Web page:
Saturday, February 19, 2011

Chapter Eleven -- The Secretary

 “I can’t face her down again,” Stanley Thorne said to Irene Hanley. He had opened the wooden door but still stood behind the tightly latched storm door.  “I can’t do it.”
“For god’s sakes Stanley, open the door. No one is facing down anyone. The committee is in agreement. I’m sure it will be. She’s our best bet and what’s the governor going to do? Refuse? I don’t think so. Besides, somebody must owe her something.”
“I lost too and I didn’t kill myself,” Thorne muttered. “And I certainly don’t have half a million dollars worth of checks to the governor in my closet either. I can tell you that,” he muttered as he unlatched and then carefully re­-latched the doors as Irene strode through.
“No one would ever think of looking, Stanley.” Irene patted his arm on her way past him toward the dining room where he kept the central committee files. “We’re always sorry you lost, Stanley. You know that,” she said over her shoulder as he followed her down the hallway.

“It is unspeakable,” Patsy said in her new, toneless voice.
“Seems more like poetic justice to me,” Matthew said, trying for levity and winning a rising of his wife’s eyes to his, but no smile. He couldn’t remember her smiling. He couldn’t remember the last time she smiled. He couldn’t remember her smile at all.
“It’s despicable,” she said and reached for the glass on the coffee table with its smidgen of scotch and three slivers of ice. Downing it she handed it up to Matthew who took it.
 ”What in the hell is wrong with all of you big dicks anyway? You can’t find Lucille’s fingerprints on any of this mess? What’s wrong with those big investigators up in Springfield? Are you all getting paid extra to stall? Just long enough for Snakes to slide through his final term untarnished? He just keeps smiling and bobbing that head up and down. He grins like a dog. He flippin’ nominates Carlene Deluccio to head the Licensing Bureau and now you can’t find anything on her either. How can you all find nothing on Carlene Deluccio? First she inherits the keys to the racetrack and now has bought herself a key to the governor’s mansion. You boys are just sitting around scratching yourselves. Probably scratching one another, too.”
“What exactly do you think I can do about any of this?” Matthew Grosen asked his wife. His voice was nearly as toneless as hers and he surprised himself realizing he wasn’t even angered at her words. After awhile, he supposed, you really just don’t hear it.
“You can bring me another drink,” Patsy said.
He went to the kitchen where the scotch and melting bowl of ice set on the counter. He put a handful of ice in Patsy’s glass and carefully poured a level shot of scotch and drank it back. He poured a second level shot, dumped it into Patsy’s glass and after looking at it put in another. He returned to her in the silent living room.

Patsy wasn’t alone in her tirade. It was the tirade of the newspapers and talk radio, accusations appeared everywhere on the goddamn public access channel and now some idiot kids were doing something on the Internet, blabbing or blogging or something. It was all they talked about in the Haden County State’s Attorney’s office. Matthew Grosen was sick of it all.
And it wasn’t just Haden County any longer. There didn’t seem to be a state investigator or a public counselor or a law official of any sort south of the sacred halls of Springfield who didn’t suspect the others of covering up what looked to them all like a governor tied into the racetracks in Southern Illinois. These men, “the dicks” as Patsy termed them all, crossed paths constantly. There wasn’t a one who didn’t believe the governor guilty of something. Few voiced such things to one another, though. They had no evidence to indict. There was no simple act that their superiors deemed strong enough to bet their careers upon. “This is the governor,” they continually reminded one another.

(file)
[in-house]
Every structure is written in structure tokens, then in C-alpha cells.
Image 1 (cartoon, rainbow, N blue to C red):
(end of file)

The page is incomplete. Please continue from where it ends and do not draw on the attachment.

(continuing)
Not even the politicians wanted a stink. Not even, or rather, certainly not Paulie’s natural enemies, the Downstate Republicans. If anyone stood to lose in a Southern Illinois horse racing scandal it was them. Indeed, as it appeared to upstate and downstate pols, everyone stood to gain  the most if business continued as usual.
So as the barbs of incompetence and accusations of criminality were leveled at dicks from their friends, enemies, local newspapers and ultimately late night monologues, the dicks continued to bob their heads, purse their lips thoughtfully, repeat their commitment to following all leads and repeatedly reminded their accusers that no matter what, “In the United States of America a man was innocent until proven guilty.”
As Matthew Grosen and his colleagues choked out the words again and again Powell Paulie basked in the glow of a decent win and was exercising fully its rewarding doling out of appreciative patronage. “Deliver the bacon to their doors,” Buddy Nowak repeated his friend’s old adage while accompanying the governor on a number of swings through Downstate to cut ribbons on new highway projects and open  new branch agencies.
This was certainly not the first time Illinois politics had provided such fodder or that pieces had trickled across Matthew Grosen’s desk. But it was the first time it had radiated from his jurisdiction. And it was personal.
It wasn’t that Grosen was so above the fray he hadn’t ever greased things along, glanced the other way, appreciated campaign contributions of all kinds when needed. But the kind of money-handling and secret-keeping opportunities that returned the big bucks were gut wrenching to him. This was partially his moral code, which he attributed to his pioneer ancestors or, as Patsy called it, “the Grosen male indoctrination.” But his visceral repugnance at large scale malfeasance was also that even the rumored amounts of the various pay offs always seemed puny compared to the horrific risk: To be stripped of your personal honor.